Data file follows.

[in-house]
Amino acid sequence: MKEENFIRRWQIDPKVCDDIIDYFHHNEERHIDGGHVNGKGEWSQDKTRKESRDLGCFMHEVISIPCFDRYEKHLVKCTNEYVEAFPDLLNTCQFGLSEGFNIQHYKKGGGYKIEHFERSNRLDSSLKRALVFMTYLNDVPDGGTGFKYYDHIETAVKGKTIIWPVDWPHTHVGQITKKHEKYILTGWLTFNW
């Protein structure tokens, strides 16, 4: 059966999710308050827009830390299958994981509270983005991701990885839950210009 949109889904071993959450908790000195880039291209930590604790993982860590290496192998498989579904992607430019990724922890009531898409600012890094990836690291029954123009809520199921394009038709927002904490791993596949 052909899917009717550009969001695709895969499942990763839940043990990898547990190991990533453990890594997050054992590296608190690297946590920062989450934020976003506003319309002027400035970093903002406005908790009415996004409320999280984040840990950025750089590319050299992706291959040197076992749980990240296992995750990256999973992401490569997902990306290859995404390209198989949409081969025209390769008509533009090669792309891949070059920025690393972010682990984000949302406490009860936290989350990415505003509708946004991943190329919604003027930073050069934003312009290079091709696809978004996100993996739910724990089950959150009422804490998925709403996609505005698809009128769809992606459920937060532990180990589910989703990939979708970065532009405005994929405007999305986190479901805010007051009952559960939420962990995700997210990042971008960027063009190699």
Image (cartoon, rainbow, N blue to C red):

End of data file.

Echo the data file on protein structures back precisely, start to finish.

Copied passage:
[in-house]
Amino acid sequence: MKEENFIRRWQIDPKVCDDIIDYFHHNEERHIDGGHVNGKGEWSQDKTRKESRDLGCFMHEVISIPCFDRYEKHLVKCTNEYVEAFPDLLNTCQFGLSEGFNIQHYKKGGGYKIEHFERSNRLDSSLKRALVFMTYLNDVPDGGTGFKYYDHIETAVKGKTIIWPVDWPHTHVGQITKKHEKYILTGWLTFNW
């Protein structure tokens, strides 16, 4: 059966999710308050827009830390299958994981509270983005991701990885839950210009 949109889904071993959450908790000195880039291209930590604790993982860590290496192998498989579904992607430019990724922890009531898409600012890094990836690291029954123009809520199921394009038709927002904490791993596949 052909899917009717550009969001695709895969499942990763839940043990990898547990190991990533453990890594997050054992590296608190690297946590920062989450934020976003506003319309002027400035970093903002406005908790009415996004409320999280984040840990950025750089590319050299992706291959040197076992749980990240296992995750990256999973992401490569997902990306290859995404390209198989949409081969025209390769008509533009090669792309891949070059920025690393972010682990984000949302406490009860936290989350990415505003509708946004991943190329919604003027930073050069934003312009290079091709696809978004996100993996739910724990089950959150009422804490998925709403996609505005698809009128769809992606459920937060532990180990589910989703990939979708970065532009405005994929405007999305986190479901805010007051009952559960939420962990995700997210990042971008960027063009190699």
Image (cartoon, rainbow, N blue to C red):